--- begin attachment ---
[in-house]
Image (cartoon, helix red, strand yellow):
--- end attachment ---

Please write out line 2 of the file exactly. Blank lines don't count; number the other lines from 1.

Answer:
Image (cartoon, helix red, strand yellow):